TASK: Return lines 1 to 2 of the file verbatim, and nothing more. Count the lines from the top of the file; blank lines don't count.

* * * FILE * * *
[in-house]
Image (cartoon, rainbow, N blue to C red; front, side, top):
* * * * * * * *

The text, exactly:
[in-house]
Image (cartoon, rainbow, N blue to C red; front, side, top):